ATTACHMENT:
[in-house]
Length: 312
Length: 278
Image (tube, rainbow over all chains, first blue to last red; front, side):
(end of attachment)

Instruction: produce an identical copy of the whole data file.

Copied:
[in-house]
Length: 312
Length: 278
Image (tube, rainbow over all chains, first blue to last red; front, side):